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Identification of human nephron progenitors capable of generation of kidney structures and functional repair of chronic renal disease

Research output: Contribution to journalArticle

  • Orit Harari-Steinberg
  • Sally Metsuyanim
  • Dorit Omer
  • Yehudit Gnatek
  • Rotem Gershon
  • Sara Pri-Chen
  • Derya D Ozdemir
  • Yaniv Lerenthal
  • Tzahi Noiman
  • Herzel Ben-Hur
  • Zvi Vaknin
  • David F Schneider
  • Bruce J Aronow
  • Ronald S Goldstein
  • Peter Hohenstein
  • Benjamin Dekel

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    Rights statement: Copyright © 2013 The Authors. Published by John Wiley and Sons, Ltd on behalf of EMBO Re-use of this article is permitted in accordance with the Creative Commons Deed, Attribution 2.5, which does not permit commercial exploitation.

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    Licence: Creative Commons: Attribution Non-Commercial (CC-BY-NC)

Original languageEnglish
Pages (from-to)1556-1568
JournalEMBO molecular medicine
Issue number10
Early online date2 Sep 2013
Publication statusPublished - 2 Sep 2013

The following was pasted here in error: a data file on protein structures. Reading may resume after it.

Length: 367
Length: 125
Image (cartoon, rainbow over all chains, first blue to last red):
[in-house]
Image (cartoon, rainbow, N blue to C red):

Identification of tissue-specific renal stem/progenitor cells with nephrogenic potential is a critical step in developing cell-based therapies for renal disease. In the human kidney, stem/progenitor cells are induced into the nephrogenic pathway to form nephrons until the 34 week of gestation, and no equivalent cell types can be traced in the adult kidney. Human nephron progenitor cells (hNPCs) have yet to be isolated. Here we show that growth of human foetal kidneys in serum-free defined conditions and prospective isolation of NCAM1(+) cells selects for nephron lineage that includes the SIX2-positive cap mesenchyme cells identifying a mitotically active population with in vitro clonogenic and stem/progenitor properties. After transplantation in the chick embryo, these cells-but not differentiated counterparts-efficiently formed various nephron tubule types. hNPCs engrafted and integrated in diseased murine kidneys and treatment of renal failure in the 5/6 nephrectomy kidney injury model had beneficial effects on renal function halting disease progression. These findings constitute the first definition of an intrinsic nephron precursor population, with major potential for cell-based therapeutic strategies and modelling of kidney disease.

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